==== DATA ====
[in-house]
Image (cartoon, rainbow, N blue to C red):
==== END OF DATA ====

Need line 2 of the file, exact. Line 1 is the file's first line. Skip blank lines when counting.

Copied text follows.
Image (cartoon, rainbow, N blue to C red):